Bendix Corp. Chairman William M. Agee, who lost a billion-dollar takeover fight last fall when his company was swallowed by Allied Corp., announced today he was giving up his posts with Bendix and Allied by June 1.

Agee, who launched the merger fight, said he was leaving Allied because of his diminished role. He will seek re-election as an Allied director on April 25.

Allied officials, including its chairman, Edward M. Hennessy, have made clear since agreeing to buy Bendix last September for $1.8 billion--ending a takeover battle between Bendix and Martin Marietta Corp.--that they did not see a major role for Agee within Allied. Although Agee was named Allied's president, in theory its No. 2 job, he was publicly given responsibility only for Bendix operations.

Before the Allied acquisition, which became effective eight days ago, Hennessy announced that his company was looking for a chief operating officer with "a different combination of skills, attributes and experience than Bill Agee," an Allied press representative said.

Agee, who was unavailable for comment, said in a statement that when Hennessy finds a chief operating officer, "it will be difficult for me to carry out the function of president of Allied in the way I would like.

"The position of chairman of Bendix will have little meaning after the integration of the two companies," Agee said.

Agee, according to an Allied official, is undecided about his future plans, although the official noted that Agee will not retire and will not seek public office.

Hennessy's search for a chief operating officer for Allied had been suspended during the merger implementation period. But Agee learned last week that the search had been resumed and decided to resign after discussing that search with Hennessy this morning, officials said.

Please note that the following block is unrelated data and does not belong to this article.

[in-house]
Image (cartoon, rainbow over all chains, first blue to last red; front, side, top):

Officials of both companies called the parting amicable, and Agee's statement said he had "the greatest admiration" for Hennessy.

Agee is "disappointed but is a realist and knows that in mergers these things happen," a company official said.

Spokesmen for the companies refused to discuss whether Agee will seek payments from Allied under his so-called "golden parachute" contract. That pact calls for Agee to be paid $825,000 a year for six years if he is fired or if he quits "after suffering a diminution in compensation or position."

In remarks to reporters last week after stockholders approved the merger, Hennessy emphasized that all such contracts agreed to by Bendix directors would be reviewed by Allied, but added that he knew of no top-level Bendix officials who planned to press for payments under the agreements.

Hennessy said Bendix officials seem "more interested in working and getting on with their jobs than pulling the chains on their parachutes. We're an honorable company and for the right cause we would honor the contracts."

In a prepared statement, Hennessy said Agee has done "a fine job" during six years as the Bendix chairman. Although his assistance is needed while the two companies are integrating their operations, Hennessy said, "we both reluctantly recognize that it is unlikely that a postion in the combined company will be available that would utilize his wide range of talents."

Agee's resignation follows the departure of Bendix President Alonzo McDonald Jr., who said Monday he quit because Hennessy "saw no role" for him.

Although Hennessy praised the talents of Bendix officials, he was critical of the players in the Bendix-Martin Marietta fight, which Agee initiated. "The whole thing was a pretty sorry spectacle for American business," Hennessy said when it was over.

Bendix, the Southfield, Mich., automotive and electronics company, began its effort to take over Marietta last summer, but the Bethesda aerospace and aluminum concern resisted and made its own offer to acquire Bendix.

The struggle ended with Allied purchasing controlling interest in Bendix in a friendly takeover that also gave Allied Bendix's 38 percent of Martin Marietta.